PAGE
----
The Inca Trail or Trial? (Day One)
Trip Start Jul 31, 2006
15Trip End Aug 24, 2006
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Before coming down to Peru, I knew I needed to hike the infamous Inca Trail. It´s perhaps one of the most reknowned hikes in all the world. After all, few trails rarely finish with such an awe-inspiring view.
Waking early in my Cusco hotel room, the "Rocky Theme Song" played in my head as I tightened my hiking boots. I grabbed my 7kg bag (which would be transported around the route via porter) and my day pack, and proceeded to meet our guide, Javier, in the lobby.
Kilometre 82 is the starting point of the Inca trail and it is about 1.5 hours outside of Cusco
This is also where we picked up our porters. They jumped in the back of a pick-up truck and we all headed out to Km 82.
The first day of hiking wasn`t too streneous at all. The terrain was "Peruvian Flat" until we reached our camp site for the night. As described by Javier, "Peruvian Flat" interchanges between uphill and downhill, without doing one more than the other. It´s nothing like "Canadian Flat" where the land is actually flat.
On Day One, we passed the archaeological sites of Salapunku and Llactapata. Salapunku was situated in the distance, across the Urubamba river and beside the railroad tracks. Apparently, when occupied by the Incas it was used as a travel lodge.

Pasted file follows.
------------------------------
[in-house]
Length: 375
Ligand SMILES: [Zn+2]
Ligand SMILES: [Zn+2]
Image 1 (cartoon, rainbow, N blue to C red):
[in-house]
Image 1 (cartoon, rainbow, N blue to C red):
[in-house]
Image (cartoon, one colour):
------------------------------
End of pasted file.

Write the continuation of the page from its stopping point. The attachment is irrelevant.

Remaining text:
Llactapata was strategically situated on a hill far beneath us. Although it acted as a farming community, it still came with look-out towers and warriors to watch over the citizens. This was our first introduction to ancient Inca terraces.
Our first introduction to the cooked meals we´d be having for the next 4 days came at lunch
With a beautiful place setting and oh-so-tiny seats, we were given a quite gourmet meal. I believe there were about three courses during lunch (we never did have less than that during the Inca Trail... either three or four). I can`t remember the main course but we had avocado to start and then a bowl of asparagus soup.
After passing little houses, donkeys, and the odd cowboy taking his horse to get supplies from Ollantaytambo, we (7 hikers, 1 guide, 13 porters, and 1 cook) arrived at Wayllabamba for the night. Of course the porters were there far before us and had already set-up our tents.
It`s amazing what these individuals do. Supposedly the porters are not allowed to take more than 45 pounds on their backs, but that`s still a lot... especially when you consider how steep the terrain gets. They`re the last to leave a site and the first to the next spot. What takes the gringos 5 hours, may take them 2 hours... if that. Furthermore, when they dart by you on the path, if you look at their feet, most of them are wearing no more than cheap sandals made out of old tires. They are truly unsung heroes.
Tomorrow will be the hardest day of the trail.